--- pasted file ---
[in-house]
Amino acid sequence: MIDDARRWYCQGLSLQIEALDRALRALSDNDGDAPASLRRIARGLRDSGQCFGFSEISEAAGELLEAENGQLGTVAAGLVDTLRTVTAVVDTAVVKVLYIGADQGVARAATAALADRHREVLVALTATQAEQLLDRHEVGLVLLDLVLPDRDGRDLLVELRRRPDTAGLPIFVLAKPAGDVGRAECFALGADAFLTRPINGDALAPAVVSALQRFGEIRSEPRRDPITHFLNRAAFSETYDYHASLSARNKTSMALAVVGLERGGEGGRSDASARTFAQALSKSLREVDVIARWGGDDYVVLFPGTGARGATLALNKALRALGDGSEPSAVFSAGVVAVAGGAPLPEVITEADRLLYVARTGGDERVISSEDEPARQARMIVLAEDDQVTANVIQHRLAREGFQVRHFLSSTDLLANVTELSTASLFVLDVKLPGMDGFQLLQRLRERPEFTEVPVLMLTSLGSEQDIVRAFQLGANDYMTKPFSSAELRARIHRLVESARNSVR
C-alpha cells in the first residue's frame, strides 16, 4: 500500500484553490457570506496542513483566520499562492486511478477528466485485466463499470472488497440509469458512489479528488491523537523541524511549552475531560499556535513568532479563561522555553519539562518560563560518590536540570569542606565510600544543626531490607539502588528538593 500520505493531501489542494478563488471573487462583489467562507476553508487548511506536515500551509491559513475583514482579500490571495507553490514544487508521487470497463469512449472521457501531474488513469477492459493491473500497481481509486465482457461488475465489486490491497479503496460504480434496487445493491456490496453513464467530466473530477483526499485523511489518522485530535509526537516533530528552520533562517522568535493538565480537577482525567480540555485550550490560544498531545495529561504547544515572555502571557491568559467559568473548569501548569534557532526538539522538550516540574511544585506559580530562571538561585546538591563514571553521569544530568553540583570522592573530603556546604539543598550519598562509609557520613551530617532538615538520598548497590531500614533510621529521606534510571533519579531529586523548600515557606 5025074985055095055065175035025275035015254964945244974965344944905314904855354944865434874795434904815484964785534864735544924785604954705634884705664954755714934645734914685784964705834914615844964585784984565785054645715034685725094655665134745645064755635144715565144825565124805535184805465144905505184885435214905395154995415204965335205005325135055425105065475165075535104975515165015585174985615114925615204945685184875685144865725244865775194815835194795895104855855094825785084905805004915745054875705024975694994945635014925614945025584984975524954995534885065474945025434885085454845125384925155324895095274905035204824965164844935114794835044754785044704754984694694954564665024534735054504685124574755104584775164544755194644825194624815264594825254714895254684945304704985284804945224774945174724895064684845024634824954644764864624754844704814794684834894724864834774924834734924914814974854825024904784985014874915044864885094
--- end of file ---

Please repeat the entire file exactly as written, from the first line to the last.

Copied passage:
[in-house]
Amino acid sequence: MIDDARRWYCQGLSLQIEALDRALRALSDNDGDAPASLRRIARGLRDSGQCFGFSEISEAAGELLEAENGQLGTVAAGLVDTLRTVTAVVDTAVVKVLYIGADQGVARAATAALADRHREVLVALTATQAEQLLDRHEVGLVLLDLVLPDRDGRDLLVELRRRPDTAGLPIFVLAKPAGDVGRAECFALGADAFLTRPINGDALAPAVVSALQRFGEIRSEPRRDPITHFLNRAAFSETYDYHASLSARNKTSMALAVVGLERGGEGGRSDASARTFAQALSKSLREVDVIARWGGDDYVVLFPGTGARGATLALNKALRALGDGSEPSAVFSAGVVAVAGGAPLPEVITEADRLLYVARTGGDERVISSEDEPARQARMIVLAEDDQVTANVIQHRLAREGFQVRHFLSSTDLLANVTELSTASLFVLDVKLPGMDGFQLLQRLRERPEFTEVPVLMLTSLGSEQDIVRAFQLGANDYMTKPFSSAELRARIHRLVESARNSVR
C-alpha cells in the first residue's frame, strides 16, 4: 500500500484553490457570506496542513483566520499562492486511478477528466485485466463499470472488497440509469458512489479528488491523537523541524511549552475531560499556535513568532479563561522555553519539562518560563560518590536540570569542606565510600544543626531490607539502588528538593 500520505493531501489542494478563488471573487462583489467562507476553508487548511506536515500551509491559513475583514482579500490571495507553490514544487508521487470497463469512449472521457501531474488513469477492459493491473500497481481509486465482457461488475465489486490491497479503496460504480434496487445493491456490496453513464467530466473530477483526499485523511489518522485530535509526537516533530528552520533562517522568535493538565480537577482525567480540555485550550490560544498531545495529561504547544515572555502571557491568559467559568473548569501548569534557532526538539522538550516540574511544585506559580530562571538561585546538591563514571553521569544530568553540583570522592573530603556546604539543598550519598562509609557520613551530617532538615538520598548497590531500614533510621529521606534510571533519579531529586523548600515557606 5025074985055095055065175035025275035015254964945244974965344944905314904855354944865434874795434904815484964785534864735544924785604954705634884705664954755714934645734914685784964705834914615844964585784984565785054645715034685725094655665134745645064755635144715565144825565124805535184805465144905505184885435214905395154995415204965335205005325135055425105065475165075535104975515165015585174985615114925615204945685184875685144865725244865775194815835194795895104855855094825785084905805004915745054875705024975694994945635014925614945025584984975524954995534885065474945025434885085454845125384925155324895095274905035204824965164844935114794835044754785044704754984694694954564665024534735054504685124574755104584775164544755194644825194624815264594825254714895254684945304704985284804945224774945174724895064684845024634824954644764864624754844704814794684834894724864834774924834734924914814974854825024904784985014874915044864885094